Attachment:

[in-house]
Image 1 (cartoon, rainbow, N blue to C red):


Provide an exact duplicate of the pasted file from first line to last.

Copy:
[in-house]
Image 1 (cartoon, rainbow, N blue to C red):